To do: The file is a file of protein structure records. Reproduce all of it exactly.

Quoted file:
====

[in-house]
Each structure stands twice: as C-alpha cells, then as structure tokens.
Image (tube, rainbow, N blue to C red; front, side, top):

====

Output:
[in-house]
Each structure stands twice: as C-alpha cells, then as structure tokens.
Image (tube, rainbow, N blue to C red; front, side, top):